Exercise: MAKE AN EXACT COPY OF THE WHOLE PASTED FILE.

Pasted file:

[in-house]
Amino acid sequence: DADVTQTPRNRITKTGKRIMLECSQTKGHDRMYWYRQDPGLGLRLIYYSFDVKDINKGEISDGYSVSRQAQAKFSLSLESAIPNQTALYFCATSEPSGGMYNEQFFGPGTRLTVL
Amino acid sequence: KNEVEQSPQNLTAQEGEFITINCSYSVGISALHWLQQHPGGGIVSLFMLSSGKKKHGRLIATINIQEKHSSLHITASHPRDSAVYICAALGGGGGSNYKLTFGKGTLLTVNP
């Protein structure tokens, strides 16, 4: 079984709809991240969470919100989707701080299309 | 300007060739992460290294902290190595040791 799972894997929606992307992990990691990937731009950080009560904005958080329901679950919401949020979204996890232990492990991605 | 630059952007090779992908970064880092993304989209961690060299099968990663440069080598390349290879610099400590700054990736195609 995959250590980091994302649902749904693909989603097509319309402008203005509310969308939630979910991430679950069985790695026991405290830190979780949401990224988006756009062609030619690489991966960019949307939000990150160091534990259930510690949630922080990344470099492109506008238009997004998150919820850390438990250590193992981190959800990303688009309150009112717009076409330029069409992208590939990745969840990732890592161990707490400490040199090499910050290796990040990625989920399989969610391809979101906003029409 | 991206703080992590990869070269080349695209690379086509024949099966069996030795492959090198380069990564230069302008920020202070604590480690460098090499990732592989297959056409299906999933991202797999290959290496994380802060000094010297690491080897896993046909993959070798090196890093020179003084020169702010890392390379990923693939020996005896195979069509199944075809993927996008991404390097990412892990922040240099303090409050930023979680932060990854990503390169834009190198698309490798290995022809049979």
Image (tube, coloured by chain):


[in-house]
Amino acid sequence: DADVTQTPRNRITKTGKRIMLECSQTKGHDRMYWYRQDPGLGLRLIYYSFDVKDINKGEISDGYSVSRQAQAKFSLSLESAIPNQTALYFCATSEPSGGMYNEQFFGPGTRLTVL
Amino acid sequence: KNEVEQSPQNLTAQEGEFITINCSYSVGISALHWLQQHPGGGIVSLFMLSSGKKKHGRLIATINIQEKHSSLHITASHPRDSAVYICAALGGGGGSNYKLTFGKGTLLTVNP
């Protein structure tokens, strides 16, 4: 079984709809991240969470919100989707701080299309 | 300007060739992460290294902290190595040791 799972894997929606992307992990990691990937731009950080009560904005958080329901679950919401949020979204996890232990492990991605 | 630059952007090779992908970064880092993304989209961690060299099968990663440069080598390349290879610099400590700054990736195609 995959250590980091994302649902749904693909989603097509319309402008203005509310969308939630979910991430679950069985790695026991405290830190979780949401990224988006756009062609030619690489991966960019949307939000990150160091534990259930510690949630922080990344470099492109506008238009997004998150919820850390438990250590193992981190959800990303688009309150009112717009076409330029069409992208590939990745969840990732890592161990707490400490040199090499910050290796990040990625989920399989969610391809979101906003029409 | 991206703080992590990869070269080349695209690379086509024949099966069996030795492959090198380069990564230069302008920020202070604590480690460098090499990732592989297959056409299906999933991202797999290959290496994380802060000094010297690491080897896993046909993959070798090196890093020179003084020169702010890392390379990923693939020996005896195979069509199944075809993927996008991404390097990412892990922040240099303090409050930023979680932060990854990503390169834009190198698309490798290995022809049979």
Image (tube, coloured by chain):